The 2022 U.S. Senate election in Iowa now has its first official candidate. On Monday, Republican state Sen. Jim Carlin announced he is running for the seat that Chuck Grassley has held since 1981.
Carlin has served in the Iowa State Senate, representing part of Woodbury County, since winning a special election in 2017. He has attracted some attention this legislative session by sponsoring bills including one that would reintroduce the death penalty, which Iowa abolished in 1965. Another bill sponsored by Carlin would divert money from public schools to private schools, something Gov. Reynolds called for in her Condition of the State speech.
This session Carlin also introduced a so-called “bathroom bill” that mandates schools only allow students to use bathrooms that correspond to the sex listed on their birth certificate. And he is the author of a bill that would require the Board of Regents to report on the political party affiliation of everyone employed by Iowa’s three public universities.
Carlin began the speech announcing his candidacy at the American Legion Post in Sergeant Bluff by quoting Ronald Reagan, but Donald Trump was the president who figured most prominently in Carlin’s announcement.
Carlin listed Trump’s priorities as president as his own. He also complained that the 2020 election was not fair.
That Carlin would suggest Joe Biden’s victory in November was not legitimate isn’t a surprise. As Pat Rynard pointed out in Iowa Starting Line, Carlin has been claiming the election was stolen from Trump for months.
Shortly after the election in November, Carlin was a featured speaker at a Stand With President Trump Rally in Orange City, where he made the fact-free allegation that there was a massive conspiracy to deprive Trump of a second term.
“This whole thing was planned and orchestrated for months before it ever took place. We have to deal with that reality,” Carlin said. “We’re dealing with dishonest people who want to control and manipulate, define and shame us into silence and submission at the cost of our constitutional freedom and self-determination.”
In January, Carlin took to the floor of the Iowa Senate to again promote his baseless claims about “widespread fraud” in the election, warning that “Tyranny’s not at the door, it’s in the house. It would seek to redefine America as a nation no longer free. To make freedom appear evil, to make slavery a virtue.”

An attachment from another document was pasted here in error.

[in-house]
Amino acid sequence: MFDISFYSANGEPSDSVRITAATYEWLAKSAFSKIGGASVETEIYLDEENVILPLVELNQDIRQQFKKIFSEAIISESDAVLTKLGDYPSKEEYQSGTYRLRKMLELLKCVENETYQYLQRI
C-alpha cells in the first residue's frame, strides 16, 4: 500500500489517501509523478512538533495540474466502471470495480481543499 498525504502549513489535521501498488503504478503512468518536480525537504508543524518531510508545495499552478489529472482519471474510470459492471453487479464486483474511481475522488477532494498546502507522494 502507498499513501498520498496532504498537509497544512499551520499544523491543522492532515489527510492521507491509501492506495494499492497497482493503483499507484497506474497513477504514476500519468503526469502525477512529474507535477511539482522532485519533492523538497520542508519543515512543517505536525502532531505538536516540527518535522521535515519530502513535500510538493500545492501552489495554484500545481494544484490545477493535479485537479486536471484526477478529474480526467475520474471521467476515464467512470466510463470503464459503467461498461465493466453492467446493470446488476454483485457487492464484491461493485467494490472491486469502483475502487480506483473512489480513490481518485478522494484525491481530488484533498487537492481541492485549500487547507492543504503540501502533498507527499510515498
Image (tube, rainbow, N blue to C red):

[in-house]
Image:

On Monday, Carlin used his unsupported belief that the last election was riddled with fraud to call for changes in how voting is conducted, because “American democracy will crumble if voters lose faith in the integrity of elections and those who count the ballots.”
Carlin praised Trump not only for his actions as president, but also for the enemies he had.
“Sometimes you can know who a person is by their enemies,” he said. “No one knows this better than President Trump. The same people who threaten our freedoms and seek to control what we see, read and hear from one another hated him. You have to ask yourself why? … I commend and am grateful for all his efforts to keep America a free and prosperous nation. He stood up. We can do no less.”
Carlin followed that by assuring listeners, “I am not running as a purveyor of grievances,” before immediately going on to say he will always fight “those who belittle our culture, undermine our way of life, or relegate the patriotic and the God-loving to second-class citizens in a country we love.”
“Our freedom is really what they are after,” he said.
At no point in his speech did Carlin mention Chuck Grassley, even though Grassley has been in the office he is seeking as long as Carlin has lived in Iowa. Carlin, who grew up in Massachusetts, moved to Sioux City, where works as an attorney, in 1992. Grassley was first elected to the Senate in 1980, and has been in elective office at either the state or federal level since 1959.
The 87-year-old senior senator has not yet announced if he will run for reelection next year. Earlier this month, he told reporters he would likely make his decision in “several weeks.”
Speaking to the Cedar Falls Rotary Club last year, Grassley said his health would be an important factor in determining whether he would run again.
“Now the one thing I want to make sure of is, that I don’t become a Senator [Robert] Byrd, where, the last two years on office, I have to have a nurse with me,” he said. “Or when [Strom] Thurmond left office at 100 years and three months, but the last couple of years, he needed a lot of help.”
If reelected in 2022, Grassley would be 95 at end of that term.
Carlin told the Des Moines Register it doesn’t matter to him if Grassley chooses to run again.
“I appreciate [Grassley’s] service, as anybody does,” he said. “But I didn’t get in the race to drop out.”